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Turner v. State

United States District Court, C.D. Illinois, Springfield Division

July 26, 2018

CICELY TURNER, Plaintiff,
v.
STATE OF ILLINOIS, et al., Defendants.

          OPINION

          SUE E. MYERSCOUGH, U.S. DISTRICT JUDGE.

         Before the Court are Defendants' Motions to Dismiss the Amended Complaint (d/e 21, 25). Defendants argue that the Amended Complaint fails to state a claim upon which relief may be granted pursuant to Federal Rule of Civil Procedure 12(b)(6), that the Court lacks subject matter jurisdiction, and that Plaintiff's claims are barred by the Eleventh Amendment to the Constitution of the United States.

         I. BACKGROUND

         Plaintiff filed the Initial Complaint on December 26, 2017. On February 26, 2018, Plaintiff sought leave to file her Amended Complaint. On March 2, 2018, the Court granted the request and docketed the Amended Complaint (d/e 24).

         The Amended Complaint seeks liability against the State of Illinois, the Illinois Department of Children and Family Services (DCFS), Governor Bruce Rauner, Assistant State's Attorney Kendra Hansel, State's Attorney John Milhiser, and DCFS Director Beverly Walker.

         The allegations in the Amended Complaint and the reasonable inferences made therefrom establish that on July 27, 2016, Defendants removed Plaintiff's two children, Atalia Turner and Zimri Turner, from her custody. The Amended Complaint brings three claims. Claim 1 is for illegal search and seizure by the Springfield Police Department and DCFS. Claim 2 includes two claims: violation of Plaintiff's Due Process rights and intentional infliction of emotional distress. Claim 3 alleges that Defendants have illegally seized Plaintiff's property (Atalia and Zimri Turner). The Amended Complaint seeks equitable relief in the form of return of the children to Plaintiff's custody or to that of a relative. Plaintiff also seeks information as to the whereabouts and contact information of the children. The Amended Complaint also prays for monetary relief in the form of damages for pain and suffering and punitive damages, for a total of $90, 000, 000.

         II. LEGAL STANDARD

         When ruling on a motion to dismiss, the Court accepts all well-pleaded factual allegations in the complaint as true and construes all reasonable inferences in favor of Plaintiff. Tamayo v. Blagojevich, 526 F.3d 1074, 1081 (7th Cir. 2008).

         To survive a motion to dismiss for lack of subject matter jurisdiction or for failure to state a claim for relief, the complaint must provide a short and plain statement of the grounds for the court's jurisdiction and of the claim showing Plaintiff is entitled to relief. Federal Rule of Civil Procedure 8(a)(1); Silha v. ACT, Inc., 807 F.3d 169, 173 (7th Cir. 2015).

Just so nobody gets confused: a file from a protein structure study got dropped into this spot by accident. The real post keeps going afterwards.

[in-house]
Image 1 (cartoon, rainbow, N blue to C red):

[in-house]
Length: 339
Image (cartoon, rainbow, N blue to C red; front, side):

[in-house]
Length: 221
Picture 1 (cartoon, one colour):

However, pro se complaints are construed liberally by the Court and held to a “less stringent standard than formal pleadings drafted by lawyers.” Perez v. Fenoglio, 792 F.3d 768, 776 (7th Cir. 2015); see also Curtis v. Bembenek, 48 F.3d 281, 283 (7th Cir. 1995) (noting that “in reviewing a pro se complaint, we must employ standards less stringent than if the complaint had been drafted by counsel”).

         Additionally, the Court may consider documents attached as exhibits to the complaint when ruling on a motion to dismiss. Ctrs. v. Centennial Mortg., Inc., 398 F.3d 930, 933 (7th Cir. 2005); Fed.R.Civ.P. 10(c) (“A copy of a written instrument that is an exhibit to a pleading is part of the pleading for all purposes.”). The Court may also consider matters of public record in determining whether the complaint's allegations are sufficient to meet this standard. Olson v. Champaign Cnty., Ill., 784 F.3d 1093, 1096 n.1 (7th Cir. 2015).

         III. SUBJECT MATTER JURISDICTION

         This Court has diversity subject matter jurisdiction over “all civil actions where the matter in controversy exceeds the sum or value of $75, 000, exclusive of interest and costs, and is between . . . citizens of different States.” 28 U.S.C. § 1332(a).

         Applying this leniency, construing the Amended Complaint favorably to Plaintiff, and taking all factual allegations in the Amended Complaint as true, the Court concludes that the Amended ...


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